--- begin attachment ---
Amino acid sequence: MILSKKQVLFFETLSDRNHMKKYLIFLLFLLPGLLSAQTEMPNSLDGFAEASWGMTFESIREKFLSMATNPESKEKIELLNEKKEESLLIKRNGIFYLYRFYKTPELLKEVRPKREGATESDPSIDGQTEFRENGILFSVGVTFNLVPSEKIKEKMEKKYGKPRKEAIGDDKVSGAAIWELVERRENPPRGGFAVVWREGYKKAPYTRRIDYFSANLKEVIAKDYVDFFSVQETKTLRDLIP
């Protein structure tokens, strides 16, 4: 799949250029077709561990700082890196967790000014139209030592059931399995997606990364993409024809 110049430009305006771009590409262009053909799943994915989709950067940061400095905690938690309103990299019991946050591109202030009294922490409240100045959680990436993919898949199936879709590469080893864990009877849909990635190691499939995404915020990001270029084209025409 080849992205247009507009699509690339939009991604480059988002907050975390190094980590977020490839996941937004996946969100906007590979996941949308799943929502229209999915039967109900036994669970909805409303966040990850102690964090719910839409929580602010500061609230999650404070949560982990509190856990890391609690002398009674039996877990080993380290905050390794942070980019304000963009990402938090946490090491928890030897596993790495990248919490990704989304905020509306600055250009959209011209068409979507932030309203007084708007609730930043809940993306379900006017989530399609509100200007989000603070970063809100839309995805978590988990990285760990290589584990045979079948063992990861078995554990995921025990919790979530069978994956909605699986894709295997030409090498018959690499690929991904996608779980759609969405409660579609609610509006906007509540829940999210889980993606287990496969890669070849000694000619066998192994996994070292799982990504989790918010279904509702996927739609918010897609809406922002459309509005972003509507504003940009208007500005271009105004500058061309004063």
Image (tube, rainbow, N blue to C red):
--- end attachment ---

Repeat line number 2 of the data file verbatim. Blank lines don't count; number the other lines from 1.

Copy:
């Protein structure tokens, strides 16, 4: 799949250029077709561990700082890196967790000014139209030592059931399995997606990364993409024809 110049430009305006771009590409262009053909799943994915989709950067940061400095905690938690309103990299019991946050591109202030009294922490409240100045959680990436993919898949199936879709590469080893864990009877849909990635190691499939995404915020990001270029084209025409 080849992205247009507009699509690339939009991604480059988002907050975390190094980590977020490839996941937004996946969100906007590979996941949308799943929502229209999915039967109900036994669970909805409303966040990850102690964090719910839409929580602010500061609230999650404070949560982990509190856990890391609690002398009674039996877990080993380290905050390794942070980019304000963009990402938090946490090491928890030897596993790495990248919490990704989304905020509306600055250009959209011209068409979507932030309203007084708007609730930043809940993306379900006017989530399609509100200007989000603070970063809100839309995805978590988990990285760990290589584990045979079948063992990861078995554990995921025990919790979530069978994956909605699986894709295997030409090498018959690499690929991904996608779980759609969405409660579609609610509006906007509540829940999210889980993606287990496969890669070849000694000619066998192994996994070292799982990504989790918010279904509702996927739609918010897609809406922002459309509005972003509507504003940009208007500005271009105004500058061309004063």